MANILA, Philippines–Expect airline ticket prices to ease as early as next week as the government scraps the fuel surcharge on domestic and international flights operating in the Philippines because of the sharp decline in global crude oil prices.
Civil Aeronautics Board (CAB) executive director Carmelo Arcilla said Wednesday that the resolution to remove the fuel surcharge was signed Wednesday. He said that airlines would be served with the order starting Thursday and will be effective “immediately.”
The effect on the ticket price is expected to vary. The fuel surcharge runs from a few hundred pesos for domestic flights to several hundreds of US dollars for long-haul international flights.
“It should be safe to say that carriers should have removed the surcharge by next Monday,” Arcilla said, taking into account the time the order is given to carriers and the upcoming weekend. The order will not affect tickets that have been purchased before airlines have been formally notified.
In line with this, the CAB published Resolution No. 79 (BM 10-12-22-2014), which also noted that oil prices have declined 25 percent from June to November. Crude oil this week fell below $50 per barrel, extending the drop to about 50 percent, with some forecasts pointing to prolonged weakness in the commodity’s value as global demand slows.
The fuel surcharge is typically granted by the government to help airlines recover part of volatile fuel costs, usually an airline’s single-biggest operating expense. But this should no longer apply when oil prices are falling, Arcilla said.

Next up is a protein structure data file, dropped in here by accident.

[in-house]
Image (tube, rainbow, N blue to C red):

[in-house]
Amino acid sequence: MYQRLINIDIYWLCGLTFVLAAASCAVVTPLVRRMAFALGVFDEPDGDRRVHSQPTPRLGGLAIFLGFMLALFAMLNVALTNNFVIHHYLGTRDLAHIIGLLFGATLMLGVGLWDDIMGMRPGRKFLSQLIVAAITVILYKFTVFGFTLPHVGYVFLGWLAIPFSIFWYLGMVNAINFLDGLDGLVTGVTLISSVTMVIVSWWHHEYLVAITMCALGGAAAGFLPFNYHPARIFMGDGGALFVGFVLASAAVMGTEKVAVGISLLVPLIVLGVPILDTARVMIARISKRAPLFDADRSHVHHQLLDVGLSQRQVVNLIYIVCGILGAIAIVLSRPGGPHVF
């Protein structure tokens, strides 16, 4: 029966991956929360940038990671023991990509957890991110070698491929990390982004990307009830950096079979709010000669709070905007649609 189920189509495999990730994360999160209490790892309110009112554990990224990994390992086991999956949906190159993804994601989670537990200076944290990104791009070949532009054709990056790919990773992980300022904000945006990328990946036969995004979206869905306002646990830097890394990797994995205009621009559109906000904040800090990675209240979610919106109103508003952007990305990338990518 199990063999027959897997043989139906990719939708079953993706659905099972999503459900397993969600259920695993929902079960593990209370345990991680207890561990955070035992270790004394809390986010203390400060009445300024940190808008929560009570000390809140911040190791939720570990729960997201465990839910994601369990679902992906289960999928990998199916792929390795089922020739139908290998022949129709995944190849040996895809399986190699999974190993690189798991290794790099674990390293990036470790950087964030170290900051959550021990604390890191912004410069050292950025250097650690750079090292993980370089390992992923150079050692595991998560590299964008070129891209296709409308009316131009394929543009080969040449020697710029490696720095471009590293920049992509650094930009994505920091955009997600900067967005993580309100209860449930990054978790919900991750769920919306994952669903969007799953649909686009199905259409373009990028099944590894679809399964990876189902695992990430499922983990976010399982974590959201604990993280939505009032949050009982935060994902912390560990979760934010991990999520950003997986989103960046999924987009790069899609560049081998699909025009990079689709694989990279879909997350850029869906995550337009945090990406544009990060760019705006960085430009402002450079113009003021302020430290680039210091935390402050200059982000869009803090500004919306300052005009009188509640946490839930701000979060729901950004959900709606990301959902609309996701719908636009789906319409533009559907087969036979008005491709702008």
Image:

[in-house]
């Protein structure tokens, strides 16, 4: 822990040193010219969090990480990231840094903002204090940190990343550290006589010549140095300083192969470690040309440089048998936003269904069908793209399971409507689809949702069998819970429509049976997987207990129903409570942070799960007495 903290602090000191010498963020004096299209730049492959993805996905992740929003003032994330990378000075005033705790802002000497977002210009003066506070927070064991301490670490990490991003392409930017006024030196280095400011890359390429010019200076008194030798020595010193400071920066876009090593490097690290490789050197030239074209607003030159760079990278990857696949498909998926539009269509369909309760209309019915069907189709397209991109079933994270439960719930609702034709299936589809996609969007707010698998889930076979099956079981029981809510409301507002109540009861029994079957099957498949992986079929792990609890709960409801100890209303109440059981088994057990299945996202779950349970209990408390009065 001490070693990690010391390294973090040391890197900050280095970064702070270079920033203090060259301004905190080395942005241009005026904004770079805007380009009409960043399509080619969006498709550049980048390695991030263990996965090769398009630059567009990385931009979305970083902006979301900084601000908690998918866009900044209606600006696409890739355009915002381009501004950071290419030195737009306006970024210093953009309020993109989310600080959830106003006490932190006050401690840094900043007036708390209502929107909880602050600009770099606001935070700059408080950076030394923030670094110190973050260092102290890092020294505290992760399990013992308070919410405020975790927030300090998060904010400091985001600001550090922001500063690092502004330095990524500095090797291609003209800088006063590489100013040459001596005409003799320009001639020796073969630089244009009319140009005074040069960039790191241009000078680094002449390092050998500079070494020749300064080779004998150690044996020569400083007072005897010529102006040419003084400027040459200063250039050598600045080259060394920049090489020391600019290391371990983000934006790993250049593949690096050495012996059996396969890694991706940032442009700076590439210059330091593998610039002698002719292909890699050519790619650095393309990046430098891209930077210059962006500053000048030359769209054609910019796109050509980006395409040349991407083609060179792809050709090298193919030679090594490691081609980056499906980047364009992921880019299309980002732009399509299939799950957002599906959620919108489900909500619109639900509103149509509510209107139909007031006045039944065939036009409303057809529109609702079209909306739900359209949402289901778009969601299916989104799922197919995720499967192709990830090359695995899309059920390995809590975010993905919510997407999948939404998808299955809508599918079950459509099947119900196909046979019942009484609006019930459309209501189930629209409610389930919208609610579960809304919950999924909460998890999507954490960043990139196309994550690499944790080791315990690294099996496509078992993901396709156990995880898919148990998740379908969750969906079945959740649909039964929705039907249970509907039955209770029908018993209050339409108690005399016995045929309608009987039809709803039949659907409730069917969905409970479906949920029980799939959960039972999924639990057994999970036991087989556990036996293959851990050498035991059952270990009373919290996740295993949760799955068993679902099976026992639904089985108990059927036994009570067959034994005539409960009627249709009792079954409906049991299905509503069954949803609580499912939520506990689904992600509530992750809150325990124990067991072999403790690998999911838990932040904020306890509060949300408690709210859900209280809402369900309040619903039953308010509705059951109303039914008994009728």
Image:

“With the substantial and continuous decrease of fuel prices in the world market, the board has deemed it appropriate to compel airiness to discontinue their imposition of fuel surcharge,” part of the CAB resolution read.
The resolution specifically removes “the authority of domestic airlines and international airlines operating to and from the Philippines to impose fuel surcharges on international and domestic flights,” it added.
Some airlines have indicated they would seek reconsideration, Arcilla said, although he did not name these.
“As far as the board is concerned, it will be given effect,” he said.
In its resolution, the CAB cited other carriers that have either removed or reduced their fuel surcharge. It said Malaysia Airlines had lifted the fuel surcharge since July 2013 while Japan Airlines, Hong Kong Dragon and Cathay Pacific reduced the surcharge last year.
Other carriers argued that fluctuating costs were not the only factor as jet fuel prices are sometimes covered by contracts—meaning carriers have agreed to pay a fixed price for a certain period of time.
Domestic carriers like Philippine Airlines, Cebu Pacific and the local units of AirAsia of Malaysia did not immediately respond to requests for comment.